China and its consumers just rallied to boycott Lotte Group, the fifth-largest conglomerate in South Korea, and one of the country’s major foreign retail operators in China.

Lotte feeling the burn

As of March 9, Lotte Group was forced to temporarily shut down 55 of its 99 stores in China by Chinese authorities.

According to, Lotte Shopping Co Ltd (KS: 023530) had seen its shares fall 17.9 percent from mid-February to 6th March. When this article was written, its share price has yet to recover from its fall.

One-month chart of Lotte Shopping Co Ltd. Source: Bloomberg

What was all the rage about? If you hadn’t known, the saga revolved around the deployment of the Terminal High Altitude Area Defense (THAAD) system in South Korea.

Long story short, this is what happened…

Korean Government vs Lotte

China reaction

Even though the THAAD is supposedly a defensive weapon designed to shoot down short, medium and intermediate ballistic missiles (most probably launched by North Korea), China went ballistic at this US military presence in its annoying neighbour also known as South Korea. (South Korea probably sees China as an annoying neighbour too).

Anti-Korea sentiments quickly trickled down to ordinary consumers, and in early March, messages like this were spread around in WeChat friends’ circles:

If Chinese is not your forte, here’s the message in short: For the honour of thy country, do not buy from Lotte even if they offer stuff for free!

And this video (published on 2 Mar) gave us a glimpse of how vacant a Lotte supermarket in China looked:

It seems like shoppers deserted Lotte stores out of patriotism, heeding the state media’s call for a boycott of South Korean goods and services.

Could this be a buying opportunity?

Similar incidents have happened before, and this saga shows us again how irrational consumers can be. But Lotte’s fallen stock price is not necessarily bad news for investors.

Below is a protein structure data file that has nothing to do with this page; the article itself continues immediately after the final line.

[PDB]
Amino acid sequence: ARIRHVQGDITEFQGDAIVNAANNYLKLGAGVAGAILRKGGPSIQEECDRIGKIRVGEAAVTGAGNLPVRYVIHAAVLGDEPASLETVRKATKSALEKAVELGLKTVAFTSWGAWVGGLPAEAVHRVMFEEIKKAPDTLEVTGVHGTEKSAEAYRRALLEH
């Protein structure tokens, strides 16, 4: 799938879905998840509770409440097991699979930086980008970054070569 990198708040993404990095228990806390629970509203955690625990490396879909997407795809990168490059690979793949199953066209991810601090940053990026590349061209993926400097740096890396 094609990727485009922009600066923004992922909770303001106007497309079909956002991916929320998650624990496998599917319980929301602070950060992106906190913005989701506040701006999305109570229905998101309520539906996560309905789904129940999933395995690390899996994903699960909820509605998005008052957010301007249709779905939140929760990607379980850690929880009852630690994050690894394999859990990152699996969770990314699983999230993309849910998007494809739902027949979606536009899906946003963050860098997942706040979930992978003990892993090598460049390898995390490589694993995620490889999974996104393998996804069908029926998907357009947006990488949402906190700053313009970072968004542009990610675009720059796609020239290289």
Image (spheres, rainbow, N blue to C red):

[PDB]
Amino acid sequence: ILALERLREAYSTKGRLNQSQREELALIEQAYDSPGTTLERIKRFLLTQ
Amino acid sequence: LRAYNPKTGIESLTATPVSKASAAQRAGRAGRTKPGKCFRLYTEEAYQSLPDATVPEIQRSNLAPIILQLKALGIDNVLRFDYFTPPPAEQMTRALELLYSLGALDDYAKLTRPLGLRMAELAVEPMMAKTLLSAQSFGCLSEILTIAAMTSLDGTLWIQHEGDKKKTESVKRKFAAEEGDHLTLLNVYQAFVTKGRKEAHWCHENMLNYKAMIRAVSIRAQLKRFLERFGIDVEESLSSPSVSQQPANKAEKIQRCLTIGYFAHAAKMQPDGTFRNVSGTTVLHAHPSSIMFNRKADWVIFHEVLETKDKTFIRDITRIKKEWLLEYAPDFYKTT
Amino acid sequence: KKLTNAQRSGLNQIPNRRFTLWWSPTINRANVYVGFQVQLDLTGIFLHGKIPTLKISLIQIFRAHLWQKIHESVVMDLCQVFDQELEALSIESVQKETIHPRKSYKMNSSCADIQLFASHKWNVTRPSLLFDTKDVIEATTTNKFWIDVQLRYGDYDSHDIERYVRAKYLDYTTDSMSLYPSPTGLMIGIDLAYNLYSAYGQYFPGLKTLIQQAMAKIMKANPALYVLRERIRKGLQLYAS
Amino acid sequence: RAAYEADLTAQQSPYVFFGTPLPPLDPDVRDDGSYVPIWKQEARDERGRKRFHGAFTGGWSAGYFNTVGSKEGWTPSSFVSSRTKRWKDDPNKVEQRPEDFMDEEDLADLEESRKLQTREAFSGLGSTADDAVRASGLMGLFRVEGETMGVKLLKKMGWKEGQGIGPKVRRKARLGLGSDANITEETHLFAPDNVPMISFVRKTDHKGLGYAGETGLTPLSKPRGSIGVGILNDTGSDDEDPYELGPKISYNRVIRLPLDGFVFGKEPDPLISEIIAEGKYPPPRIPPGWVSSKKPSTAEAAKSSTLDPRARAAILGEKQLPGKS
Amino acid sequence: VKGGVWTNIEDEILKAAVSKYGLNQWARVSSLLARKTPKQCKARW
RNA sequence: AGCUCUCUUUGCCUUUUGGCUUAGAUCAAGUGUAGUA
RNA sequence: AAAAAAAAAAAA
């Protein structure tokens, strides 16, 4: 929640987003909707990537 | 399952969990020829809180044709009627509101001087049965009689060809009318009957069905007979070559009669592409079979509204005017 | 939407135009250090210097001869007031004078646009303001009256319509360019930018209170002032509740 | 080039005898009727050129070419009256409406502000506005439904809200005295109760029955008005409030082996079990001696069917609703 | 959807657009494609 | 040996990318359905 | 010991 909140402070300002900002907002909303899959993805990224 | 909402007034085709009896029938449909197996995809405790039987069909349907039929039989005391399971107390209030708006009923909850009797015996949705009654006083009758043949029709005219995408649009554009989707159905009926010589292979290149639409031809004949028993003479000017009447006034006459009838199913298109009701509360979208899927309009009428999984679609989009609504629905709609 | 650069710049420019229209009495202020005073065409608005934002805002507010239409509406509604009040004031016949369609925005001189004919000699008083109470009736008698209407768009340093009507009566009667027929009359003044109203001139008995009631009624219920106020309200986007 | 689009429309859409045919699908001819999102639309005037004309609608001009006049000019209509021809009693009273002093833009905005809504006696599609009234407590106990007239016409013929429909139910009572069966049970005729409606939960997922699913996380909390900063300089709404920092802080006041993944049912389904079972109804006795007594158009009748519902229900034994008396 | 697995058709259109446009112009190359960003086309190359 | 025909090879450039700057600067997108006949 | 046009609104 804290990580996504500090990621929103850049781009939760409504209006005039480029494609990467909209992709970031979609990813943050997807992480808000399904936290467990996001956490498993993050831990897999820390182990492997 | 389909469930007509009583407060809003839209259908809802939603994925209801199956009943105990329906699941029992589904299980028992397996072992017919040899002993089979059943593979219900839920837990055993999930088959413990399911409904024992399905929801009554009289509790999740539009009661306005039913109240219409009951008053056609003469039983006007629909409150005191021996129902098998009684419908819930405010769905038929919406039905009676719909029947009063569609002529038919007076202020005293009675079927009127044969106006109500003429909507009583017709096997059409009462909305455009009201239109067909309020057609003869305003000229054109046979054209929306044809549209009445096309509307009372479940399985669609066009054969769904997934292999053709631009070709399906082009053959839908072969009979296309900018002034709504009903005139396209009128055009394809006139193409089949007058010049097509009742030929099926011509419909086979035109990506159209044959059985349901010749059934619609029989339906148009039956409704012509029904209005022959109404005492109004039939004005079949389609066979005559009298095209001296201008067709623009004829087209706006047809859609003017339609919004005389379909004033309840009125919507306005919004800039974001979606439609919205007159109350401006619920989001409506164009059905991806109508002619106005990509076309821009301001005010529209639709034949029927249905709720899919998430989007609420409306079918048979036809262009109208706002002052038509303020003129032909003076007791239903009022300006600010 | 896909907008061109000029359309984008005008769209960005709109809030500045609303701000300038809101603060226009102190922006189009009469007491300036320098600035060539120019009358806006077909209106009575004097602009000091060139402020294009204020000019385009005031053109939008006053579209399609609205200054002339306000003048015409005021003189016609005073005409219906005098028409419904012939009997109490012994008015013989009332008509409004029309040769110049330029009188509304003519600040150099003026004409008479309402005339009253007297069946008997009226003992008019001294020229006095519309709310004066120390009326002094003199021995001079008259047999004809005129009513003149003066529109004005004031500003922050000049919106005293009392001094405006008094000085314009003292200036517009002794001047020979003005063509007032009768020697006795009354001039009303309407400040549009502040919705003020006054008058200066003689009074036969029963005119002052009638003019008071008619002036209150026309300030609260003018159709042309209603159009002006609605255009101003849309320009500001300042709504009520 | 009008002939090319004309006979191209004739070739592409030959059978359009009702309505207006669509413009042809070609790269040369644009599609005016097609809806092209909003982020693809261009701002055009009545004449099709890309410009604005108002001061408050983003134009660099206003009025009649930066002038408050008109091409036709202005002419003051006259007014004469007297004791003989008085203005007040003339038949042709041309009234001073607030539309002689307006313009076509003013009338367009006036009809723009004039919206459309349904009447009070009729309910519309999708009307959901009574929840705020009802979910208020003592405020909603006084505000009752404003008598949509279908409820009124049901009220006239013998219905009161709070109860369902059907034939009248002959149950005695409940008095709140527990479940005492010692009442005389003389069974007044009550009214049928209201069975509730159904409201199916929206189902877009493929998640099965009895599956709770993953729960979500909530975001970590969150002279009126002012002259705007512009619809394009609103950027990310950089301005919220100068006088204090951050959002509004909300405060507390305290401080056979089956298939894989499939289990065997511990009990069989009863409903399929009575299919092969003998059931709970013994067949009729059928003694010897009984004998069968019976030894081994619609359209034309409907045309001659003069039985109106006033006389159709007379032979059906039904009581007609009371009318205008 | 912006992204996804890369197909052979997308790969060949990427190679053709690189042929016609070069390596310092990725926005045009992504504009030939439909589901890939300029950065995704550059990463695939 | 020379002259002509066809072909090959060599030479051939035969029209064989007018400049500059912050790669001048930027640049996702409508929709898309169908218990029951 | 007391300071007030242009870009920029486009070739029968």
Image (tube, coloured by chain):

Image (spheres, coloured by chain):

For instance, suggests that while the boycott from consumers might temporarily depress the shares of Korean companies involved, it might also present a buying opportunity.

After all, Warren Buffett had also advised investors to “be fearful when others are greedy and greedy when others are fearful”, right? If there is nothing fundamentally wrong with the companies, their shares should rise back up after angry consumers have calmed down.

Also, judging from history, such problems are unlikely to last long. For instance, when China-Japan disputes regarding the Diaoyu/Senkaku Islands surfaced in 2012, angry Chinese protesters took to the streets and some extreme ones even smashed Japanese cars on the road. At that time, Chinese consumers had also vowed to boycott Japanese goods.

But in 2015, Japan issued a record number of visas to Chinese nationals, which was an 85 percent increase from the previous year, due to an influx of Chinese tourist arrivals on a weaker yen and relaxed visa rules.

Also in 2015, Chinese nationals flocking to Japan to buy toilet seats made headlines.

y u no patriotism

At the end of the day, like what value investor Kee Koon Boon had pointed out previously, it is perhaps not a good idea to bet on rough ideas and trends instead of doing detailed research on individual stocks.

For instance, what happened to Lotte serves as a good lesson reminding us that we have no idea how long “Korea concept stocks” can remain hot, or when Chinese consumers are going to make a radical move.

Why leave ourselves at the mercy of angry, irrational consumers?

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